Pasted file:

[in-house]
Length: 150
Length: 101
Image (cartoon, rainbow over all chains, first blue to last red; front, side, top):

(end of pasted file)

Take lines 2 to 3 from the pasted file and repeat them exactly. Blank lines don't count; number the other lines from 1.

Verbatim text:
Length: 150
Length: 101